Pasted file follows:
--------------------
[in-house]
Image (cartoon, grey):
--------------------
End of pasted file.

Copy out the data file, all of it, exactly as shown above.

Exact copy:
[in-house]
Image (cartoon, grey):